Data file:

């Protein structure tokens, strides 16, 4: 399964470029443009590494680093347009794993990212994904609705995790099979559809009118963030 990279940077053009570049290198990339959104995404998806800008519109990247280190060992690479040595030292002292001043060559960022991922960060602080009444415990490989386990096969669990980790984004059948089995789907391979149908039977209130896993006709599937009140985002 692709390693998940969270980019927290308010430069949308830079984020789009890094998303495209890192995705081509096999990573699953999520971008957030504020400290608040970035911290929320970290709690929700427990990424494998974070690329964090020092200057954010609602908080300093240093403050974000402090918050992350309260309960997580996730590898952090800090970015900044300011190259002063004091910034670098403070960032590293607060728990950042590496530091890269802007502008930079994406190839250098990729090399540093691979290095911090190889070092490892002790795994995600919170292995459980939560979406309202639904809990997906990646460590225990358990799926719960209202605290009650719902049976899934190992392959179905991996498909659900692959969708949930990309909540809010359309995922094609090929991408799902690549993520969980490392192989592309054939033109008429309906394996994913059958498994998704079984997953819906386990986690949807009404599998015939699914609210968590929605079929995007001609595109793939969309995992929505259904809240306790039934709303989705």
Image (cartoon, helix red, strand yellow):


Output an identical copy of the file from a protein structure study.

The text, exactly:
């Protein structure tokens, strides 16, 4: 399964470029443009590494680093347009794993990212994904609705995790099979559809009118963030 990279940077053009570049290198990339959104995404998806800008519109990247280190060992690479040595030292002292001043060559960022991922960060602080009444415990490989386990096969669990980790984004059948089995789907391979149908039977209130896993006709599937009140985002 692709390693998940969270980019927290308010430069949308830079984020789009890094998303495209890192995705081509096999990573699953999520971008957030504020400290608040970035911290929320970290709690929700427990990424494998974070690329964090020092200057954010609602908080300093240093403050974000402090918050992350309260309960997580996730590898952090800090970015900044300011190259002063004091910034670098403070960032590293607060728990950042590496530091890269802007502008930079994406190839250098990729090399540093691979290095911090190889070092490892002790795994995600919170292995459980939560979406309202639904809990997906990646460590225990358990799926719960209202605290009650719902049976899934190992392959179905991996498909659900692959969708949930990309909540809010359309995922094609090929991408799902690549993520969980490392192989592309054939033109008429309906394996994913059958498994998704079984997953819906386990986690949807009404599998015939699914609210968590929605079929995007001609595109793939969309995992929505259904809240306790039934709303989705």
Image (cartoon, helix red, strand yellow):